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Beyoncé’s ‘Cowboy Carter’ proves that we’re all living in Bey country: review

“This ain’t a Country album. This is a Beyoncé album.”

So decreed Queen B in a rare lengthy Instagram post about “Cowboy Carter,” which is “Act II” in her “Renaissance” trilogy that began with the underground house beats of her 2022 album that had us buzzing and bopping to “Break My Soul,” “Cuff It” and “Alien Superstar.”

And while it may seem like a hair-whipping flip to take it from the ballroom to the barnyard on her latest, it is not as radical of a departure as it may seem for Bey herself, who hails from Houston, Texas, and is as Southern as any hummingbird could be.

“They used to say I spoke ‘too country’/And the rejection came, said I wasn’t ‘country ’nough’/Said I wouldn’t saddle up/But if that ain’t country, tell me, what is?” she sings with a snarl in her twang on “Ameriican Requiem,” the autobiographical manifesto that opens the album.

This is Bey unplugged, raw and rootsy, two-stepping across the color lines that took “Texas Hold ’Em” — the banjo-picking bluegrass stomper that previewed “Cowboy Carter” last month — all the way to No. 1 on the pop chart, while making her the first black woman to top the country chart.

Beyoncé’s “Cowboy Carter” dropped on Friday, March 29. PARKWOOD ENTERTAINMENT LLC.
Beyoncé’s “Cowboy Carter” dropped on Friday, March 29. PARKWOOD ENTERTAINMENT LLC.
Beyoncé is — as “Cowboy Carter” proves once again — a genre all unto herself. PARKWOOD ENTERTAINMENT LLC.
Beyoncé is — as “Cowboy Carter” proves once again — a genre all unto herself. PARKWOOD ENTERTAINMENT LLC.

And, yes — if you haven’t been keeping track — the majority of her record 32 Grammys are in the R&B categories.

So basically, folks, Beyoncé is — as “Cowboy Carter” proves once again — a genre all unto herself.

And, still flexing in her artistic peak at the unusually older age of 42, Beyoncé Knowles Carter is increasingly aware of her history, her legacy and, most importantly, her power as a black woman who is the biggest, baddest culture shifter in the game.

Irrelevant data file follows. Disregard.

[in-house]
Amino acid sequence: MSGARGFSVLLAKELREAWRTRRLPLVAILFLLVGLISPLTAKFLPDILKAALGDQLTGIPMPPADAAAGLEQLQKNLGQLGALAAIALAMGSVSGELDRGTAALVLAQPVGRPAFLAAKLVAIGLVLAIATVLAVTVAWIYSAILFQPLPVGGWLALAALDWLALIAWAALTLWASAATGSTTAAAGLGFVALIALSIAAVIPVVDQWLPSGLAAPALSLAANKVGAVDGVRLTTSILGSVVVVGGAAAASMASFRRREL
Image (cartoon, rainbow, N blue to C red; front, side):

Beyoncé dresses up in red, white and blue for her “Cowboy Carter” shoot. PARKWOOD ENTERTAINMENT LLC.
Beyoncé dresses up in red, white and blue for her “Cowboy Carter” shoot. PARKWOOD ENTERTAINMENT LLC.
Beyoncé’s “Cowboy Carter” includes 27 songs. PARKWOOD ENTERTAINMENT LLC.
Beyoncé’s “Cowboy Carter” includes 27 songs. PARKWOOD ENTERTAINMENT LLC.

So it feels only natural, only right that she should be the one to school us on one of her ancestors, Linda Martell, who became the first African-American woman to play the Grand Ole Opry in 1969 before she bowed out of the country music industry due to her lack of success.

In “The Linda Martell Show” interlude, the now-82-year-old singer can be heard breaking down how one of her tunes “stretches across a range of genres” in an archival concert snippet.

Likewise, Beyoncé stretches across genres on “Cowboy Carter.” From her honey- and harmony-coated cover of The Beatles classic “Blackbird” — featuring African-American female country singers Tanner Adell, Brittney Spencer, Tiera Kennedy and Reyna Roberts making like Destiny’s Southern Child — to her soulful, acoustic-guitar-strumming rendition of “Jolene” that packs a bit of a hip-hop thump, it’s all Mrs. Carter’s world.